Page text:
A Guide to Southern Accents and Sayings
Living in the South
The Southern Accent
Living in South Carolina my entire life, I have always been surrounded by the Southern accent and the slow Southern drawl. The accent changes from southern state to southern state, and even city to city. I have a Charleston accent, which is actually quite different from the traditional Southern accent. Many people ask where I am from, because it does not quite match the general South Carolina accent.
As distinct as the British accent, the Southern accent means different things to different people. Some embrace the slow and friendly drawl, while others make fun of it. If you are not that familiar with the Southern accent and find yourself visiting or moving to a Southern state, you may need a this guide to translate and understand what is being said. No, it is not a separate language, but there is a noticeable accent, and we have different terms and sayings as well.
The Southern Drawl
The first noticeable thing about the way a Southerner talks, is the speed. Southerners are typically more laid back and that is reflected in the speech which has drawn-out vowel sounds. You will also notice words that run together like gonna (going to) and lem-me (let me). No, we are not "slow" or "backwards", but we usually take our time and enjoy life. Some find the Southern drawl irresistible. Think of Matthew McConaughey in the movie A Time to Kill.
Growing up, we had friends that moved to England for a year. When the girls first arrived at school, their new classmates would beg them to talk and then just squeal in delight over their Southern drawl and accent. Then there are others that assume a person with a Southern drawl is lazy and even ignorant - that is until they actually meet a real Southerner!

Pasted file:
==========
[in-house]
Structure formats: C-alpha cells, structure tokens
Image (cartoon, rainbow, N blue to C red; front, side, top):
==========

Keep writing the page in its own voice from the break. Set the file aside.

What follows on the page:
The US South
Southerners don't say I or eye the way you do. It is more of an aah with a short "a" sound. We also say mah for the word my, also with the short "a." So, for example, you may hear "Aah have an aah-lash in mah aah." (I have an eyelash in my eye.)
The word get does not rhyme with yet here in the South. We say it like git. There is a common rhyme teachers use at school when students complain about not getting their first choice. In the North, you might say: "You get what you get, so don't be upset." But, that does not rhyme for us. We say "You git what you git, so don't throw a fit." Pretty interesting, huh?
Southerners with a heavy country accent don't say tire like you do. It is more of a taar - that being one syllable instead of two. So you may hear "Lordy be, Aah've got a flat taar." (Oh no, I have a flat tire.) Or it may be, "Lem-me put mah feet up - Aah'm taard." (Let me put my feet up - I'm tired.) Fire follows the same rule and is pronounced faar.
The word can't in many small towns here actually rhymes with paint. Hmmm...maybe that is where ain't came from. Likewise, again is pronounced the way it looks, and rhymes with rain. The preposition on is pronounced own. So, you may hear something like "Aah caint put own mah bray-own shoes ah-gain." (I can't put on my brown shoes again.)
Translating Southern Pronunciations
Used in a sentence